Blow nuclear power away
According to an Associated Press report on Thursday, a bill encouraging development of more nuclear power plants in this state has passed the Kansas Senate by a 32-8 vote, sending the bill to the House.
Specifically, it would allow utility companies to recover, through increased electric rates, the cost of studying the feasibility of building a nuclear power plant. In addition, it would set rules for depreciation that would encourage nuclear power plant construction.
State Sen. Roger Reitz, R-Manhattan, is pushing the measure, saying the state needs more nuclear power to meet energy needs in the future.
He said, "We need to be dealing with all kinds of generation and this will be a major player in 10 to 15 years."
He's right about the increasing need for electric power. But shouldn't the safety of Kansans and concern for the environment be a primary consideration? There are better options than nuclear power.
Why should expanding the use of nuclear power -- which creates tons of radioactive waste that must be transported through communities to waste sites hundreds of miles away -- be encouraged when Kansas has one of the highest potentials of any state for generating clean energy with wind power?
It just doesn't make sense.
Some argue that clusters or lines of wind turbines, rising has high as 400 feet, would spoil the scenery. Hawaiians don't seem to worry about that, as there are wind turbines in plain sight on the mountain ridges of Oahu's north shore, and that state depends much more on its scenic areas to attract tourism than does Kansas. Besides, Kansas already has rural water towers and grain elevators dotting the landscape and giant power line towers that aren't nearly as aesthetically pleasing as the sleek, white bladed spires that soar into the sky. To some of us, wind generators are handsome structures resembling kinetic sculptures.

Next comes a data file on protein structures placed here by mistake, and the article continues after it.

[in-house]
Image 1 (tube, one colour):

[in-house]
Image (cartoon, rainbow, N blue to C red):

But if spoiling the landscape scenery is really a widespread concern, Kansas could consider flying wind generators, which soar like kites and were developed by Sky WindPower, a company based in San Diego, Calif.
Some detractors say wind generators are noisy and tend to kill birds. Following that logic, we should shut down McConnell Air Force Base, all of the aircraft plants and all of the commercial airports in the state, then ban motorcycles, semi-trucks, trains and loud cars.
There are proponents of nuclear power who say wind power isn't dependable, because wind velocity increases and decreases.
Cristina Archer of the Carnegie Institution for Science in Stanford, Calif., along with a colleague, has determined that the world's wind energy potential is 35 times the current global energy demands. They have also shown that wind power can produce a stable energy supply.
While the nature of wind is to gust and lull, an article in the November 2007 issue of the Journal of Applied Meteorology and Climatology reports that a large network of interconnected wind farms could stabilize the generated energy supply, solving the problem of intermittent production.
Wind power isn't some fad. Humans have been harnessing and using the power of the wind for thousands of years. It doesn't have to be mined, it doesn't pollute the environment, it doesn't produce radioactive waste that endangers human life. It's clean, it's safe, it's easily accessible, it can't be depleted, and it's there for the taking.